The Mt Rainier entrance fee costs $30. This gives unlimited entry for 1 vehicle over the course of seven consecutive days. If you’re visiting by bike or on foot then a pass costs $15.
If you’re planning on visiting a few US National Parks over the course of a year then consider buying the “America is Beautiful National Parks Pass.
You can also get an annual pass for Mt Rainier which costs $55 and is great if you think you’ll be visiting the park more than once that year.
For those of you wishing to go camping in Mt Rainier National Park, you’ll need to pay $20 per person per night. Campsites are available on a first come, first served basis but you can reserve sites for the Cougar Rock and Ohanapecosh Rock campgrounds on the Recreation.gov web site.
There are four campsites in Mt Rainier National Park: Cougar Rock, Ohanapecosh, White River and Mowich Lake. Not all Mt Rainier National Park camping sites are open all year round so I recommend you check out this page of the NPS site.
Most of the Mt Rainier National Park campgrounds are suitable for car camping with the exception of Mowich Lake campground. This campground is free but is only suitable for tents and you still need to self-register even though there’s no payment.
Group sites are available at Cougar Rock and Ohanapecosh and cost $60.
If you wish to explore the backcountry hiking trails in Mt Rainier National Park and camp overnight you’ll need to get a wilderness permit.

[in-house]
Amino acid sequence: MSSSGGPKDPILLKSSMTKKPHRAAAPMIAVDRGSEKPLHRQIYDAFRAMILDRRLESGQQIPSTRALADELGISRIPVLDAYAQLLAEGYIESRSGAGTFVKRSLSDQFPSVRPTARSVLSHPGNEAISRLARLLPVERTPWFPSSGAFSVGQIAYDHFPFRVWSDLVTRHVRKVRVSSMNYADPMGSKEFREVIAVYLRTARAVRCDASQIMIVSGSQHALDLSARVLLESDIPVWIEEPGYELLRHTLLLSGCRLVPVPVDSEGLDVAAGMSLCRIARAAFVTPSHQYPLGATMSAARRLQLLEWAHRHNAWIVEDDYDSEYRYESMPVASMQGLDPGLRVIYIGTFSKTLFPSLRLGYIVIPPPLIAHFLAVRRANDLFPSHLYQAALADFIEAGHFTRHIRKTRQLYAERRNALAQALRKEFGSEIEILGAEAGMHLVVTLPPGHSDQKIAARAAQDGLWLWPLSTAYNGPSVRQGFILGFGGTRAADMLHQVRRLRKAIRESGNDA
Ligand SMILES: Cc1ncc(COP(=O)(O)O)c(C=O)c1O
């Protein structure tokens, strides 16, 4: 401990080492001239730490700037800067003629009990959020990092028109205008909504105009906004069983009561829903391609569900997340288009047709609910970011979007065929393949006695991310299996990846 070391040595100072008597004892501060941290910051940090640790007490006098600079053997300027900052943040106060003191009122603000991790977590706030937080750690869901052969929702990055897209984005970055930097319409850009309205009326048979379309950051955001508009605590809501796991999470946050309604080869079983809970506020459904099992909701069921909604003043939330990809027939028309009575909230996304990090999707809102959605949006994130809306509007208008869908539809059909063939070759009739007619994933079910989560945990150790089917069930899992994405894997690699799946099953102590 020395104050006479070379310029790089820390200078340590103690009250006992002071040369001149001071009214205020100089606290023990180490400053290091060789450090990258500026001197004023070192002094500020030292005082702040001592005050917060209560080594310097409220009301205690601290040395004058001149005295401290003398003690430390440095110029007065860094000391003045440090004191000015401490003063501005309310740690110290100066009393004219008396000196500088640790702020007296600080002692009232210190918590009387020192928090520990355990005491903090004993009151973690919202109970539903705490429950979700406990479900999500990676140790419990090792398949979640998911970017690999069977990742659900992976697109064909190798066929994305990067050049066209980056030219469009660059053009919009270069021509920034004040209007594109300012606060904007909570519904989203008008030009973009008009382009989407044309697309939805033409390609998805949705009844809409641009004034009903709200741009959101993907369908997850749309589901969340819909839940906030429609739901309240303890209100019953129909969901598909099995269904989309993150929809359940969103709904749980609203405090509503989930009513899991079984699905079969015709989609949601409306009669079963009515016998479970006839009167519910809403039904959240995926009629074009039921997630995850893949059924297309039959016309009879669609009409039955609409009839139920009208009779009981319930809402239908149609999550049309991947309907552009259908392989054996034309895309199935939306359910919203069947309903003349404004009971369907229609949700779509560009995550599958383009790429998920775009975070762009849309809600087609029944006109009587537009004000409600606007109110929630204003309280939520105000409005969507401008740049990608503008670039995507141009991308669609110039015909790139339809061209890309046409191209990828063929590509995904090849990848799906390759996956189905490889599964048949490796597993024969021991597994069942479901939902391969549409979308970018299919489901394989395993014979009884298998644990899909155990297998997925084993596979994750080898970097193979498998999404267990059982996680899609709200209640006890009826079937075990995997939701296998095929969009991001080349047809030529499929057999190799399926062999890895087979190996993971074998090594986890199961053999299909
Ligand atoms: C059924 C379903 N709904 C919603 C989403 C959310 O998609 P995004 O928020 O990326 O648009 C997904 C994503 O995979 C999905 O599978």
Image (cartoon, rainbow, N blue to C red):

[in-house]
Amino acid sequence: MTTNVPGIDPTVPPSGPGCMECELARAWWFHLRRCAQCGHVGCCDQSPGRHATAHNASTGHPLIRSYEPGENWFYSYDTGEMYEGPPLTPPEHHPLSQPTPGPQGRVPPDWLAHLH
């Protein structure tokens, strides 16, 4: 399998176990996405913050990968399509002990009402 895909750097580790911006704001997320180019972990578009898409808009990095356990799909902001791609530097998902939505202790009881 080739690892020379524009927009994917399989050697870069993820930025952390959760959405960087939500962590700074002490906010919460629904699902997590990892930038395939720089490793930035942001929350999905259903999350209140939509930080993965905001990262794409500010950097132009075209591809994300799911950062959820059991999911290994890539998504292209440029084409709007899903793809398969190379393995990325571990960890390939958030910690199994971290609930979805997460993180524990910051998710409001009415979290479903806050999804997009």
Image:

It’s recommended that you make a reservation to get a wilderness permit which reserves you a specific wilderness camping site for the night. The permits available to reserve fill up quickly during summer. About 70% of permits are allocated for reservation and 30% are kept back for first-come, first-served customers.
Reservations open in March each year and The Wonderland Trail, in particular, is extremely busy. Because of this, reservation requests are usually not accepted after 1st April.
It costs $20 to make a reservation request and this is non-refundable whether you are successful or not at securing a Mt Rainier National Park backpacking permit
You can find more information about exploring the wilderness of Mt Rainier here.
If you’re looking for somewhere to stay near or in Mt Rainier National Park then check out the following recommendations below for Mt Rainier hotels and campsites outside of the park.
If you’re wondering where to stay in Mt Rainier National Park then read on. There are two hotels in Mt Rainier National Park which are shown below. Mt Rainier National Park hotels usually cost more than staying slightly outside of the park and book up quickly but they’re great if you don’t want to have to drive into the park each day.
Most of the hotels near Mt Rainier National Park are located in the town of Packwood and Ashford which are towards the south of the park. Both towns are only about 16km (10ish miles) from park entrances.
If you wish to go camping near Mt Rainier National Park then you’re in luck. Mt Rainier is surrounded by lots of campsites and the VisitRainier site is full of options for RV camping near Mt Rainier as well as tenting.
Take a look at my pick of the top things to do in Mt Rainier National Park (of course there’s much more to do than what’s listed below!) for an idea of what to do at Mt Rainier.
There are so many Mt Rainier trails to hike and they’re all beautiful in different ways. These trails include a mix of easier day hikes and longer backpacking trails in Mt Rainier. I highly recommend trying to fit in at least one Mt Rainier National Park hiking trail during your trip!
Check out this post for more of the best Mt Rainier National Park hikes including the best day hikes in Mt Rainier as well as backpacking
If you’re in the area for longer here are some things to do near Mt Rainier.